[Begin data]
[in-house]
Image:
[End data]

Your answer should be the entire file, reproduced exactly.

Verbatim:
[in-house]
Image: